Balance of Higher Power – Is a Democratic-controlled Congress something career colleges should fear?

Fear not … or, at least, not yet.

Those are the sentiments from within the career college sector after the power shift on Capitol Hill following November’s midterm election.

On Nov. 9, when the tallies from Virginia’s voting machines were final, it was clear: Democrats had secured both the House and the Senate. There was the expected reaction among investors: numerous for-profit education companies closed lower on the stock market and have since rebounded.

What wasn’t so predictable was the long-range impact new leadership would have on career colleges, which have flourished under Republican-controlled government. The investment community wasted no time in analyzing the power shift and its potential long-term impact on career colleges. In a note to investors, which was widely publicized by the Associated Press, BMO Capital Markets analyst Jeffrey M. Silber said the change in guard could halt progress that has been made to date on the Higher Education Act. Career college executives, on the other hand, are more reticent.

The act, which has been lumbering toward the finish line of line of approved reauthorization since May 5, 2004, governs many areas of education finance. In Congress’ last term, Republicans did not fully reauthorize the Higher Education Act, leaving the door open for Democrats to change the laws.

New rule

The “90/10” rule is one critical element involved in reauthorization. This stipulation requires for-profit colleges to generate at least 10 percent of their revenue from sources excluding federal financial aid. In both the House and Senate versions, the “90/10” rule has been extended to include not-for-profit institutions. The proposal has Republican support in the House, while reaction among Democrats has been lukewarm.

If the rule is expanded to not-for-profits, it could benefit the sector by reducing some of the competition facing career colleges. However, if Democrats reject the 90/10 rule, career college stock value could decline. While those predictions could hold true, those affiliated with the career college sector are saying it’s too soon to tell exactly what the threats are, or if they exist at all.

“We have a group of students we need to protect, and it doesn’t matter if they are Democrats or Republicans,” said Dr. Art Keiser, founder and Chancellor of Keiser University. “Whenever you have a change in power, you have change … and change is uncomfortable. As a sector, we need to get out and advocate our case to the people in power and the ones who understand our students.”

Keiser said Democratic control could yield some benefits to career colleges. At the top of the Democrats’ agenda is making higher education more affordable. The party’s American Dream Initiative sets its sights on improving life for middle America, which includes access to higher education. The Democrats are calling for the implementation of several measures, such as the lowering of student loan interest rates, increasing Pell grant amounts from $4,000 to $5,000, and instituting a $3,000 tuition tax credit.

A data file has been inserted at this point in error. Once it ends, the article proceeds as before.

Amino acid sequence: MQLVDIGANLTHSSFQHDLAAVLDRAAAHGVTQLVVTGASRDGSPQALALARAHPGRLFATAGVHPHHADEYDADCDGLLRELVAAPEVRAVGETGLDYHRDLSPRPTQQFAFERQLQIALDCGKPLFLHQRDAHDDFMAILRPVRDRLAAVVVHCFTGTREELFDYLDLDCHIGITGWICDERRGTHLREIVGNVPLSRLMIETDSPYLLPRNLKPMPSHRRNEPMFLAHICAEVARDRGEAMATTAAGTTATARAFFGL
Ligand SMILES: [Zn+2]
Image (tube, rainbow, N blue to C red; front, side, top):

Keeping watch

One area the sector should keep tabs on in the Democratic initiative is reductions to student cost and potential decreases in lender profits. Keiser said drastic changes to lender profits could take the sector back to the late 80s and early 90s, before the advent of direct lending.

In 1993, the implementation of the Student Loan Reform Act enabled students to borrow directly through colleges to receive their federal student loans. Direct lending removes the proverbial “middle-man” from the equation of applying for and receiving student loans, allowing students to obtain education loans without using a bank, credit union or private lender.

“Anytime there is a profitability issue with lenders – whenever they feel a squeeze – logically, they look at the best students on paper: the students who are more profitable in the longer term and have lower default rates. Obviously that puts one-year and two-year programs at risk.”

Such a grim fate could be offset by career college sector executives, said Jonathan Slade, a principal at The Cormac Group who focuses on higher education and for-profit colleges. Slade said career colleges must begin clarifying their mission and clearing the slate on any negative impressions Democratic officeholders could have.

“The growth of career colleges and its impact on traditional colleges, like community colleges, has been poorly portrayed,” Slade said. “A lot of forprofit schools have been very aggressive in terms of marketing. There are so many new career schools, a lot more students and some schools out there breaking rules and receiving bad press. Those issues and the supposed negative impacts they’ve had on traditional colleges raise concerns for Democrats. They just don’t really agree with (career colleges) on the issues right now.”

In that regard, 2007 stands to be a critical year for career colleges in regaining any ground that was lost in the election. Until then, the sector will remain on relatively uncertain terms.

“The for-profits supporters tend to be Republican,” Keiser said. “Those who are our friends, we need to continue to support. Those who are not our friends, we need to educate.”

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